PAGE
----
Thursday November 15, 2018

‘Epilepsy drug during pregnancy ups the oral cleft risk in babies’

The findings are based on data on more than one million live births over a period of 10 years in the US.

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Low doses of topiramate may also increase the risk of oral clefts but to a lesser extent. Wikimedia Commons
Low doses of topiramate may also increase the risk of oral clefts but to a lesser extent. Wikimedia Commons
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The study, published in the journal Neurology, said the risk is particularly high when the drug is used in high doses. “Our results suggest that the increased risk of oral clefts is most pronounced in women taking higher doses of topiramate to treat epilepsy,” said study co-author Elisabetta Patorno of Brigham and Women’s Hospital in Boston, US.

“Low doses of topiramate may also increase the risk of oral clefts but to a lesser extent,” Patorno said. “We hope that this work gives important information to women and their clinicians as they determine the best course of treatment and options available to individuals,” Patorno added. The findings are based on data on more than one million live births over a period of 10 years in the US.

Epilepsy is likely due to the higher doses of topiramate when used for controlling seizures. Wikimedia Commons
Epilepsy is likely due to the higher doses of topiramate when used for controlling seizures. Wikimedia Commons

The team examined the risk of oral clefts including cleft palate or cleft lip among three groups infants born to women who had taken topiramate in their first trimester; infants born to women who had taken the drug lamotrigine (an unrelated drug used to treat bipolar disorder and epilepsy); and infants who had not been exposed to anti-epileptic medications in utero.

The researchers found that the risk of oral clefts was approximately three times higher for the topiramate group than for either the lamotrigine or the unexposed group.

“Our results suggest that women with epilepsy on topiramate have the highest relative risk of giving birth to a baby with cleft lip or cleft palate, likely due to the higher doses of topiramate when used for controlling seizures,” said corresponding author Sonia Hernandez-Diaz of the Harvard T.H. Chan School of Public Health. “The best course may be to avoid prescribing high doses of topiramate to women of childbearing age unless the benefits clearly outweigh the risks,” she added. IANS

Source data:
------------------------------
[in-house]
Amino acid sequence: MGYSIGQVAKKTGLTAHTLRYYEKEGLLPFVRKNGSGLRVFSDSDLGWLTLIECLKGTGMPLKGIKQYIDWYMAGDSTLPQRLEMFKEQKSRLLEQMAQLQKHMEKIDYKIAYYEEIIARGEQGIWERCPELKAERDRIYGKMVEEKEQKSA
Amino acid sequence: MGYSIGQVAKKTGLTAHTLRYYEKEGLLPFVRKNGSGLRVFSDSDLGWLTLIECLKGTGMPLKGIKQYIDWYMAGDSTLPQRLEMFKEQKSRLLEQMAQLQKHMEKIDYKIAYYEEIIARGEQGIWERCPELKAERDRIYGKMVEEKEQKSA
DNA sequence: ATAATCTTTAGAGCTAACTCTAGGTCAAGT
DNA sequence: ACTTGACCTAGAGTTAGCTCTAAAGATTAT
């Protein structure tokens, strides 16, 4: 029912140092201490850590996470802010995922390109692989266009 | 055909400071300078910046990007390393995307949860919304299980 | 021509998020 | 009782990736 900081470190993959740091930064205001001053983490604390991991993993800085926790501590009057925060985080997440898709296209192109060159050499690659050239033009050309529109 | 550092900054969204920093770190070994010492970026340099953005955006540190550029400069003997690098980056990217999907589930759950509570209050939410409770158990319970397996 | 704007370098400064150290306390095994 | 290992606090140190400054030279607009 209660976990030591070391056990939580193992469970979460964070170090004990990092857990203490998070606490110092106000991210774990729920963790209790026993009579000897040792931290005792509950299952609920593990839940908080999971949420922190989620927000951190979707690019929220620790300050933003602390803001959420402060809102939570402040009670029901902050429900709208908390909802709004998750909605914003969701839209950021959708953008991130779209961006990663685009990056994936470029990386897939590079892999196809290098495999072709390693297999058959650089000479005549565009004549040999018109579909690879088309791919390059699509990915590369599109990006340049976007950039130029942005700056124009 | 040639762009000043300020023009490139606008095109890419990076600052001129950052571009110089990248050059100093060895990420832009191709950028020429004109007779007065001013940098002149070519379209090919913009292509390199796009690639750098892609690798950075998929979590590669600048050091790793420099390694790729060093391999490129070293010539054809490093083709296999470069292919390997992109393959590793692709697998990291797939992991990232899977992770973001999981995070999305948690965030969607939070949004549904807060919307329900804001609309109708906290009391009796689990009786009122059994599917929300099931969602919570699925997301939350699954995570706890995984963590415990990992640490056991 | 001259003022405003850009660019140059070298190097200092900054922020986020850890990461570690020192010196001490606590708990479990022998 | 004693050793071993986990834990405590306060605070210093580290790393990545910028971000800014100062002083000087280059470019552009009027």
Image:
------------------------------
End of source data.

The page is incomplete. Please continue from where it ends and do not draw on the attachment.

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Managing Weight During Pregnancy May Affect Child’s Bone Health

The team analysed prospective data from 2,167 mother-child pairs

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Pregnancy, autism
Weight management in pregnancy may affect child's bone health. Pixabay

There is no benefit for children’s bone mass if women gain weight during pregnancy, says a new study.

And this applies to both normal and overweight women prior to pregnancy, says Teresa Monjardino, lead author from the Universidade do Porto in Portugal.

Weight management strategies during pregnancy reduce child cardiometabolic risk such as diabetes and heart disease.

However, because maternal weight has an overall positive correlation with a child’s bone mass, pregnancy weight management could adversely affect child bone health, said the researchers.

The study, published in the Journal of Bone and Mineral Research, showed that in under and normal weight mothers, weight gain during pregnancy was associated with slightly increased bone mass at 7 years of age in children.

Pregnancy, air pollution
Weight management strategies during pregnancy reduce child cardiometabolic risk such as diabetes and heart disease. Pixabay

On the other hand, in the case of overweight or obese mothers, no beneficial effect of weight gain on bone mass was observed.

“Until recently, it was a widely held scientific belief that any weight gain from the mother during pregnancy would have a beneficial effect on children’s bone mass,” said Monjardino.

Also Read- Poor Aerobic Fitness Increases Risk of Diabetes in Kids

“Our study results corroborate that there is no benefit in gaining weight above the US Institute of Medicine recommendations for pregnancy weight gain for children’s bone mass, in both normal and overweight women prior to pregnancy,” added Monjardino.

The team analysed prospective data from 2,167 mother-child pairs. (IANS)